Figure 4 shows results from the dewatering measurements with the DDA in the sheet former with closed water system.

Figure 5 also shows results from the dewatering measurements with the DDA in the sheet former with closed water system.

Figure 6 shows the tensile strength vs the amount of added PAA fibres, PAA CNF or CMF gen 1 for the sheet produced with recirculating white water.

Figure 7 shows the tensile strength index vs density for the sheet produced with recirculating white water.

Figure 8 shows tensile stiffness index vs. density for the sheet produced with recirculating white water.

Figure 9 shows strain at break vs density for the sheet produced with closed white water and added PAA fibres, PAA CNF or CMF gen 1.

Figure 10 shows the SCT index vs density for the sheet produced with recirculating white water.

Figure 11 shows the tensile strength index vs drain time in the sheet former for the sheet produced with recirculating white water.

Figure 12 shows the tensile strength vs the final sheet density for laboratory sheets with recycled fibres and added PAA fibre, PAA CNF, CMF genl or CS.

Figure 13 shows the tensile strength vs the drain time in the sheet former for laboratory sheets with recycled fibres and added PAA fibre, PAA CNF, CMF genl or CS.

Figure 14 shows the effect of the addition of holocellulose fibres on the tensile strength index.

Figure 15 shows the effect of the addition of holocellulose fibres together with cationic starch to the improved tensile strength.

Figure 16 shows SCT index for sheets produced with recirculating white water.

Figure 17 shows SCT index for sheets formed with holocellulose fibres and cationic starch.

Figure 18 shows that the holocellulose fibres develop strength at a lower rate of densification.

Figure 19 shows that addition of holocellulose fibres give a better strength with less densification compared to refining.

Figure 20 shows that addition of holocellulose fibres to recycled fibres (OCC) improves the tensile strength and the dewatering significantly.

Figure 21 shows the effect of washing the RF fibres in the form of OCC.

Figure 22 shows that there is little densification observed with addition of holocellulose fibres.

Figure 23 shows the effect of drying holocellulose fibres.

Figures 24 and 25 show tensile strength of films produced from holocellulose-based CNF and CMF gen 1, respectively.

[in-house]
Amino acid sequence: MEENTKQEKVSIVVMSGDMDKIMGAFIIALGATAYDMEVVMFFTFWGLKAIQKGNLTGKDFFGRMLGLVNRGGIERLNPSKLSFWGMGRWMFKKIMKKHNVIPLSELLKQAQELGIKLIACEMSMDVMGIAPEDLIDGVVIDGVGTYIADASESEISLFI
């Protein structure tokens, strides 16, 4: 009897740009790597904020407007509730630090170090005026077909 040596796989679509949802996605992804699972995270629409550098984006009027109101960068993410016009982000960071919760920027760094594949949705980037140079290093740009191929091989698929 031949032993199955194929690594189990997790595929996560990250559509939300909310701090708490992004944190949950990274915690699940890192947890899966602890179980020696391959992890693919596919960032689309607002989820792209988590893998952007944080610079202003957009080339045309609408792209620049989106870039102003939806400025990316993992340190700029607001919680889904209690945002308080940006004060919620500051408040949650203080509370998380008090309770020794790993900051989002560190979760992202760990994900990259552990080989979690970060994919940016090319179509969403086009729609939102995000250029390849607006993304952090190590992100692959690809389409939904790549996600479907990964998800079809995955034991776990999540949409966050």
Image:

Figure 26 shows peracetic acid concentration (a.u.) against time (min) in a medium containing water, peracetic acid, acetic acid, peroxide and caustic soda.

Figure 27 illustrates the consumption of peracetic acid per gram of wood given in arbitrary units in the method comprising the two-step PAA-addition with an intermediate alkaline step.

Figure 28 illustrates the consumption of peracetic acid per gram of wood given in arbitrary units in the method comprising continuous PAA addition.

Figure 29 illustrates the chemical composition of the samples.

Figure 30 illustrates a drain time in a sheet former as a function of increasing tensile strength index in (kNm/kg) and as a function of increasing amount of holocellulose fibres in the pulp.

DETAILED DESCRIPTION

One of the greatest challenges in the production of paper-based products, e.g. printing paper, packaging materials, tissue etc., all of which will be referred to as 'paper', is to increase the strength of paper without affecting adversely the removal of water during the manufacture of the paper. During the papermaking process with a conventional pulp, such as kraft, sulphate, mechanical pulp, as a raw material, an increase of the strength of the paper may however contribute to a decrease of the dewatering during the papermaking process. For example, a common way to increase the strength is to refine the pulp. The refining step increases the strength but has also a negative impact on the pulp drainability. Thus, there is a long-time felt need for economical and energy-saving papermaking processes to produce stronger paper-based materials without negatively affecting the drainability.

The inventors of the present disclosure have found that by using holocellulose fibres in the paper production process, the strength of the paper can be improved, while the drainability is not substantially affected. However, the production costs of the holocellulose fibres are high, and therefore there is a desire for a more cost-effective way of producing holocellulose fibres.

The inventors of the present invention have found an economical method of producing holocellulose fibres. It has been surprisingly noted that by a production method involving

i) charging the organic peroxide continuously to the wood-based raw material during the treatment; and/or

ii) charging the organic peroxide to the wood-based raw material in at least two separate steps with an intermediate alkaline treatment step,

the total amount of the organic peroxide, such as peracetic acid (PAA), used for the delignification or wood in the production of holocellulose fibres can be substantially decreased compared to prior art methods in which organic peroxide is initially charged into a reactor at a large concentration. For example, it has been found that the organic peroxide may be used in a total amount of 2.0 g organic peroxide/g wood fibres or less, or 1.5 g organic peroxide/g wood fibres or less, especially when the wood-based raw material is in the form of larger wood chips. The amount may be less than 1.3 g organic peroxide/g wood fibres or less than 1.0 g organic peroxide/g wood fibres, when small wood chips, small veneer or matches are used as the wood-based raw material. By producing holocellulose fibres is in this context meant extraction of fibrous cellulosic material from wood-based raw material (wood), i.e. liberating cellulose fibres from other chemicals and impurities in the wood.